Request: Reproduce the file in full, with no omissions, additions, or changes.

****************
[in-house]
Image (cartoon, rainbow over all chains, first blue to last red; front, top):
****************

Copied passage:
[in-house]
Image (cartoon, rainbow over all chains, first blue to last red; front, top):